Why did Civilytics uncover this when no one else did?

We’d like to think it’s because we’re so sharp but more likely it’s because:

  • We’re very excited about ARPA’s promise to help address longstanding systemic inequalities. We want to see the program implemented in a way that meets its laudable goals. We are working with groups that aren’t political insiders and didn’t have – but really needed – information about their city’s allocation.

  • We tried to replicate Treasury’s numbers to understand them. Being able to understand where the numbers are coming from and how they’re produced – not just viewing a PDF of what they are – is a critical part of transparent, democratic data analysis and communication.

  • We know that this is hard and complicated work. We’ve seen that rolling out intergovernmental aid requires careful data and communication work (hat tip to Brian Pahnke and John Johnson at the Wisconsin Department of Public Instruction for teaching us this). We understand that federal data on local governments has limitations (no census of populations served by local govts in the U.S.!) and were curious to see how Treasury resolved these limitations. And we know that data sources and business rules really matter for government agencies (Jared wrote a book on this!)

  • Also, and this is no small part of it we’re sure, we were willing (mostly) to sink 2+ weeks of “public service” (aka donated time) into understanding the story inside and out.

And maybe other organizations overlooked this because:

  • NEUs are small and dispersed (27,000+ of them), so they get less attention from media orgs, data analysts, funders, and advocates.

  • Replicating aid allocations is not as much fun as making proclamations about how to use the funding (which we've also done and are going to do again soon).

  • Or maybe others did and chose not to make it public – knowledge is power, after all.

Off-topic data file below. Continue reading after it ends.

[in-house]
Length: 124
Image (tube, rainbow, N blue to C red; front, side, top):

What can be done now?

For your community:

Treasury is seeking comments on these regulations until July 16 – submit yours here. (You can read a draft of our comments here.) If your state is receiving less aid per resident due to this Senate amendment, we encourage you to contact your senator to learn more about why this change was made without any public discussion. We honestly don’t think many (or any?) senators understood the impact of this change.

Most of all, regardless of where you live, please – if you can – get involved in deciding how these once-in-a-lifetime funds are used in your community. (Our next post with more ideas on how to spend ARPA funds reflects some of the funding choices we’re trying to encourage our community to make.)

To help us out:

If you’ve made it this far, thanks! We are so grateful for our newsletter readers!

We believe our public institutions’ data teams need to walk (that is, count right and publish auditable and authoritative data) before they run (i.e., build complex statistical model pipelines). And need to publish their data accessibly and communicate it well to avoid data being used to insulate gatekeepers and privilege incumbents. We love statistical models too but counts matter. Even more importantly who gets the information when matters. We hope this serves as a case study for how and why government needs to do better – for all of us.  

If you agree, sharing stories like this really helps. Only if these stories get attention can they become case studies for how we can do better in the future.

So again, please take the time to share this newsletter and the story with your networks.

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Our next newsletter will be back to our regularly scheduled set of topics, reporting on some of the other work we’re doing and links we’re excited to share. See you in a few weeks!